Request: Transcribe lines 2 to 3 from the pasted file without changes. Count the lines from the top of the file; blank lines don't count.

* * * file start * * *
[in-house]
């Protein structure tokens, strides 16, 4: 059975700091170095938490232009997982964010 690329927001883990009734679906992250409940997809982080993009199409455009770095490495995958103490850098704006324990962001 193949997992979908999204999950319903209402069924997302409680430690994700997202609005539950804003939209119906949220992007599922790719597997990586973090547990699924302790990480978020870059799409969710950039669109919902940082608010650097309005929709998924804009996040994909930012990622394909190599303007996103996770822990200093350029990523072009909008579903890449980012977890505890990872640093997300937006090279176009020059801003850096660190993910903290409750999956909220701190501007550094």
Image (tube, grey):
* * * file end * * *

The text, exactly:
């Protein structure tokens, strides 16, 4: 059975700091170095938490232009997982964010 690329927001883990009734679906992250409940997809982080993009199409455009770095490495995958103490850098704006324990962001 193949997992979908999204999950319903209402069924997302409680430690994700997202609005539950804003939209119906949220992007599922790719597997990586973090547990699924302790990480978020870059799409969710950039669109919902940082608010650097309005929709998924804009996040994909930012990622394909190599303007996103996770822990200093350029990523072009909008579903890449980012977890505890990872640093997300937006090279176009020059801003850096660190993910903290409750999956909220701190501007550094």
Image (tube, grey):